Messages delivered through stories are way more engaging than facts alone, and elicit more of an emotional response, making them more memorable.
Think of a presentation you have been to where the presenter delivered facts, like review forecasts or financial results where the screen in front of you has columns and columns of numbers. How memorable was the presentation? How inspiring was it to keep selling, keep working towards those numbers? Chances are, without an engaging story tying those numbers together and giving them meaning and relevance, many people walked away from that presentation bored, disengaged and relieved it was over.
Now imagine if the presenter had put his/ her presentation together with the aim of creating a story around the figures being presented, creating less slides with fewer, key numbers. Each number could be presented with a story around how it was achieved and who was responsible for achieving it. The presentation suddenly becomes relevant and meaningful. You have a much greater possibility of people leaving the presentation feeling engaged and motivated.
The art of storytelling
Research has shown that messages delivered through a story can be more than twenty times more memorable than facts alone. That’s because wrapping facts and figures in a story makes the listener hear your message in a more meaningful way. Here are three effective strategies to use to create powerful stories in your business;
- A good story connects it’s audience to a higher purpose.
We all need to be reminded of the higher meaning and the bigger picture, why we actually come in to work every day and why our business does what it does. ‘Working towards something bigger than one’s self’ is how meaning is described by psychologist Martin Seligman. It’s important for the leaders of an organisation to ask the question “how can we get staff to connect with the meaning of the organisation, of our higher purpose?”. A charity organisation should regularly communicate the personal stories of the people they are helping. An insurance company can make and show films of the people affected by floods or bushfires and how the company allowed them to rebuild their family homes and get back on their feet. A bank can also show a personal story of how their loan allowed a family to buy the house of their dreams. Perhaps a company that supports a charity can allow staff to go and personally be involved in helping the charity and meet the people they are helping.
- Attribute facts and figures to specific people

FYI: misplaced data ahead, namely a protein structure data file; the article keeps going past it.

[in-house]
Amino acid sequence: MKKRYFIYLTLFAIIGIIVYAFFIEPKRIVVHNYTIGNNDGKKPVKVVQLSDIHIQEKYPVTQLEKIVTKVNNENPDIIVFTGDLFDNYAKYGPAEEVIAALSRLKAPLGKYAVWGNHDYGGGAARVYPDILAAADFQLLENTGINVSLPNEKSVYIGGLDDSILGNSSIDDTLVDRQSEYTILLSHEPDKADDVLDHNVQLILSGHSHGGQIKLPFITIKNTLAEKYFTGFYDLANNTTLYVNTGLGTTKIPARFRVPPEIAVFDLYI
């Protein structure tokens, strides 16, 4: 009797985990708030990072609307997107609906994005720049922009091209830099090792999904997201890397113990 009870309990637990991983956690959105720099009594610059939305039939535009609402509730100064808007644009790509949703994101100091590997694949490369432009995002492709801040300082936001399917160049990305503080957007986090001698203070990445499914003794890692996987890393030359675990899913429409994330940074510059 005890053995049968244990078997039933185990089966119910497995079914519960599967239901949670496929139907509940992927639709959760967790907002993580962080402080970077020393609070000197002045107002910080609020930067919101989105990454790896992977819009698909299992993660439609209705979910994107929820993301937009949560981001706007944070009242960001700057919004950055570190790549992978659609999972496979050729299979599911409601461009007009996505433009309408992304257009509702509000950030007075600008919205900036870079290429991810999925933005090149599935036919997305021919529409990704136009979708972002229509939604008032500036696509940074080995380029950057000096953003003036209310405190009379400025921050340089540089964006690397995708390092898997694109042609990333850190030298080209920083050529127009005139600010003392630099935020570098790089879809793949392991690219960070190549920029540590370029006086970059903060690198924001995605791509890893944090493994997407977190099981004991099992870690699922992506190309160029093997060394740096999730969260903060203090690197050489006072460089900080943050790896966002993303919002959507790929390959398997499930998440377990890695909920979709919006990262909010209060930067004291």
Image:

In the above-mentioned example, attributing company statistics to specific teams or individuals creates more meaning. Not only will those people receive recognition for their personal contribution, they are able to work to their strengths and of course be the best version of themselves in the workplace. Stories humanise facts and figures and make your message more engaging, relatable and memorable to your audience.
- Keep it short and sweet
Too much detail can detract from the key messages you want to get across. Consider ditching the bulk of your presentation and instead opt for presenting the key messages and thereby eliminating the noise of too much information. A good way to do this is to look at your presentation or your email, whatever your communication medium is, and see if you can cut it down, and then cut it down again so you ensure you are ‘cutting out the crap’ and sticking to the key points to keep your audience engaged and focused on the important stuff.
Consider tweaking your narrative to suit your audience. Christopher Booker, the author of “The 7 Basic Plots: Why We Tell Stories,” suggests any story will fall into one of seven plot lines;
- Overcoming the Monster
- Rags to Riches
- The Quest
- Voyage and Return
Furthermore, each member of your audience is currently wrapped up in at least one of these storylines or plots in their professional or personal lives. So not only is storytelling important; so is having more than one story you can tell, so you can adapt the story narrative to fit each of the plot lines. Here are some examples;
Overcoming the Monster – The protagonist sets out to defeat an antagonistic force (often evil) that threatens the protagonist and/or protagonist’s homeland. In real life, the “monster” can be a competitor (in a professional setting) or an illness/ addiction in a personal setting.
Rags to Riches – The poor protagonist acquires power, wealth, and/or a mate, loses it all and gains it back, growing as a person as a result. In real life, the story could be about the company founder who started from nothing to rise against the odds and become a successful leader in his/ her field.
The Quest – The protagonist and companions set out to acquire an important object or to get to a location. They face temptations and other obstacles along the way. In real life, the story could be a variation of the rags to riches plot where the business founder, through sheer determination and hard work, finally achieves success against the odds inspiring others to believe in the company cause and align their own values.
Voyage and Return – The protagonist goes to a strange land and, after overcoming the threats it poses or learning important lessons unique to that location, they return with experience. In real life, this plotline could be used to demonstrate how leaders can entice employees to help get something under control or return to normal after an upheaval.
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